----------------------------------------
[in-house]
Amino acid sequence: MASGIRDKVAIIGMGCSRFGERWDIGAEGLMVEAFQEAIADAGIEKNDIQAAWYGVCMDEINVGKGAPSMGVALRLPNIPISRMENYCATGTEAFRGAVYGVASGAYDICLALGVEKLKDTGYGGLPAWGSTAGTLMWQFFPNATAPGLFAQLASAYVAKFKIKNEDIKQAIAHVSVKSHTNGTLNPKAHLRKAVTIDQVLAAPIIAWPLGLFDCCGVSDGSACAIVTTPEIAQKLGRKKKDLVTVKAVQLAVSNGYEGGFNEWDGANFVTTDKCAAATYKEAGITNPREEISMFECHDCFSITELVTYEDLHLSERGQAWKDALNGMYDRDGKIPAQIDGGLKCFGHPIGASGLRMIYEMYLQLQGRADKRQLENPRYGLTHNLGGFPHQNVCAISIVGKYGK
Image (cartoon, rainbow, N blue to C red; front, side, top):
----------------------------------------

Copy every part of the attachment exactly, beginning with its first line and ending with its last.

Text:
[in-house]
Amino acid sequence: MASGIRDKVAIIGMGCSRFGERWDIGAEGLMVEAFQEAIADAGIEKNDIQAAWYGVCMDEINVGKGAPSMGVALRLPNIPISRMENYCATGTEAFRGAVYGVASGAYDICLALGVEKLKDTGYGGLPAWGSTAGTLMWQFFPNATAPGLFAQLASAYVAKFKIKNEDIKQAIAHVSVKSHTNGTLNPKAHLRKAVTIDQVLAAPIIAWPLGLFDCCGVSDGSACAIVTTPEIAQKLGRKKKDLVTVKAVQLAVSNGYEGGFNEWDGANFVTTDKCAAATYKEAGITNPREEISMFECHDCFSITELVTYEDLHLSERGQAWKDALNGMYDRDGKIPAQIDGGLKCFGHPIGASGLRMIYEMYLQLQGRADKRQLENPRYGLTHNLGGFPHQNVCAISIVGKYGK
Image (cartoon, rainbow, N blue to C red; front, side, top):